A new service from Decide.com could guarantee that you never overpay again for that exercise bike, digital camera or lawn mower.  The Seattle startup today unveiled a new price guarantee on over 200,000 products, allowing consumers to get cash refunds if Decide.com’s price prediction algorithms incorrectly tell consumers to buy at what they believe are the lowest points.

The service is attempting to capitalize on a growing trend in which retailers dynamically change the price on products, including shoes, consumer electronics, jewelry and even toilet paper.

Shauna Causey

As part of the new program, after a purchase, a consumer must email the receipt to guarantee@decide.com. Decide.com will track the order for 14 days, and if it drops in price, the company will make up the difference.

“We’ve all bought something only to be frustrated when the price drops a few days later,” said Decide.com’s Shauna Causey. “This guarantee gives consumers assurance that won’t happen.”

Decide.com first experimented with its price guarantees back in April, launching a program on a select number of daily deals under the moniker “Got Your Back.” The idea, as is the case with today’s launch, is that consumers could get cash back if Decide.com’s predictions encouraged people to buy, only to see prices rise a short time later.

It’s a unique approach, with Decide.com essentially putting its money where its mouth is. The company believes its algorithms, designed in part by University of Washington computer scientist Oren Etzioni, can accurately predict where prices are headed on a range of products.

“It’s exciting to know that we can shop with data scientists,” says Causey. “Big companies have a massive amount of data and smart technology so they know when to raise and lower prices. Now consumers have that same information.”

With the latest release, the price guarantees will be attached to some 200,000 products on the Decide.com that have “buy” recommendations.  The company says this marks the first time that a company has predicted future product prices, and then backed them up with cash.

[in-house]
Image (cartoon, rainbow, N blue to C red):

The guarantees are available free of charge at this point, but eventually will be rolled into a monthly and annual membership program. Decide.com isn’t offering details on pricing of the membership at this point, but in a letter to customers they explain why they made the decision. It reads in part:

We started Decide.com with one goal in mind: You. When you shop with us your experience is completely unbiased and one hundred percent objective. We are not influenced by advertisers and retailers and do not accept payment for highlighting their products. As we take the next step as a business, we had a tough decision to make — either allow advertisers on our site (which would make THEM our customers and we lose our objectivity) or roll out a Decide membership and charge for valuable features.

After some soul searching, the choice became obvious — go all-in and continue serving you. We will continue to be your trusted, unbiased advisor and in the coming weeks, we will introduce a Decide membership. Members will have access to our data-driven price predictions and price guarantees and save hundreds of dollars annually.

Decide.com raised a $6 million venture round last year from Maveron, Madrona,  early Google investor and former Amazon.com executive Ram Shriram; former Expedia CEO Erik Blachford and former Farecast CEO Hugh Crean. Former Farecast executive Mike Fridgen, who helped sell the online travel search company to Microsoft for $115 million in 2008, serves as CEO of Decide.com. In 2006, Farecast offered a similar type service on airline tickets called Fare Guard.

Editor’s note: Decide.com Mike Fridgen will be one of the keynote speakers at GeekWire’s Startup Day on September 22nd.

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  • Guest

    Decide membership will be a burst. Consumers will not pay for it. Love the company but this is the wrong move.

  • Guest

    I think no one is going to buy a membership just to get the price info. It’s the whole point of the website. It was a great website.

    I rather have advertisements than this.

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